Academic papers...

I love Scrivener but this program seems to be more geared toward prose and fiction writing. I will probably go back to Word for my academics. I just cannot figure out a good way to include citations in my text and collect them for the bibliography like word does. I use APA, Chicago, and MLM but don’t see how to do this in scrivener. Does anybody else has the same problem and how do you do it? Thanks for any advice, Michael

No problem.
I use Papers3 for my references, enter cite keys, export to Word when I am done and create the reference list.

There of lots of very productive academic users of Scrivener! I use Bookends (my own writing) and Endnote (if a collaborator forces me to), and use unformatted citations. Then generate the bibliography when you are finished[1].

CiteWYW (if you use Endnote) is quite fragile and an utter PITA when collaborating, and that is the only thing I can think is what you think Word can do? But you really don’t need CWYW to cite and generate bibliographies.

On the Mac at least ⌘Y quickly switches to my reference manager, and tap it again and I’m back in Scrivener. I also use Quicksilver (a customisable power launcher) to launch reference searches in Pubmed directly. So I can select a word in Scrivener and launch a Pubmed search or reference search in Bookends.

[1] I use Multimarkdown for all my compile requirements, and can scan the plain text before conversion to LibreOffice / Word, or just use Bookends/Endnote after opening the final format file. For real geeks, Pandoc can also automagically format citations from markdown.

As the OP is on Windows, Bookends, and I think Papers are no-go, being Mac only. That leaves him with Endnote—as he is doing a PhD, a licence may be available through his university—and Zotero, and some form of bibdesk, I presume.

But the principles are basically the same.


The OP could make the sensible switch to Mac, which would give more opportunities. :wink:

I may be a very long-time Mac user myself, but I wouldn’t have the temerity to suggest that! :smiley:


I am a looong time Windows user (Win 1.0) and MS-DOS before that but made the switch a few years ago, although I do still have two Windows computers that I use sometimes, but not for serious work. :smiley:

Maybe that’s a better way to phrase it then. “Maybe the OP should switch” with a smiley perhaps comes off a bit less fun than you intended (especially when using loaded words like “sensibly” in there which make judgements and undercut/distort the intended humor value).

I, for one, have a very hard time seeing any humor in the inevitable “switch to a Mac” crap that folks throw around in the Windows forum. If they don’t like Windows, don’t read the forum. It’s not helpful. Some of us do own Macs and we don’t use them for one reason or another, reasons that are valid for us. Whether or not the intent is to make a joke or not, the weight of all those comments is there and for some readers, it may create a hostile environment – one that you (the impersonal you) didn’t intend to tap into, but nevertheless you did because you can’t control perception.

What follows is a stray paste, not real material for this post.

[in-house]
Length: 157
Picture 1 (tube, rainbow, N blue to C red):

“I was in a situation much the same, and for me what ended up being the right choice was to start using a Mac because of X, Y, and Z and here’s the benefit I received” takes that judgement factor away. You’re sharing what worked for you and inviting the reader to consider the thought experiment of whether it would work for them.

I use Endnote for referencing (mostly because I got it cheap when I was a graduate student and have been using it for so long that it’s second nature; I imagine that Zotero, Mendeley, etc. would all be just as good). I have never used the “cite while you write” feature in Word, mainly because I insert the Endnote references when I’m making notes, and I really don’t want them formatted or turned into bibliographies, etc. at this stage. But also because those notes get cut and pasted into numerous different documents over the years that I work on a topic, and I don’t know if/where they will be published until fairly late in the writing process, which is when I do the formatting.

So, adjusting to writing in Scrivener was very easy: as I’m making notes, I simply switch to Endnote (you can configure Scrivener so that its bibliographic shortcut will bring up your preferred citation manager, but I find it just as easy to Alt-Tab to the Endnote window); highlight the reference I want to use; copy it and then switch to Scrivener and paste it.

This gives me a temporary citation, which looks like this <Conn, 1900 #5095> (you can customise the kind of brackets you use; I use these <> for citations because I have always used their default ones {} for “notes to self”). You can add a reference to a page or range of pages to the citation like this <Conn, 1900 #5095@227–228>. Then as I make notes, I keep pasting the temporary citation and putting in the right page refs. For me, writing is mostly cutting and pasting from different sources, so the temporary citations all come along with the quotes, notes, etc.

Then I polish, amend, edit, etc. in Scrivener. Once I’m 99% happy, I compile the whole thing for Word and do the final formatting there, including using Endnote to transform all those temporary citations into final ones. I’m on my second book with Scrivener, and so far its working very well.

There are also ways to access EndNote and indicate the need for a citation and include citations.

Check the manual for instructions. (You can find it in the Help menu in the software.)